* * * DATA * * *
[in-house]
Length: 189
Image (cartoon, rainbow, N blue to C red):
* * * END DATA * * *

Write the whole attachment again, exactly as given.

[in-house]
Length: 189
Image (cartoon, rainbow, N blue to C red):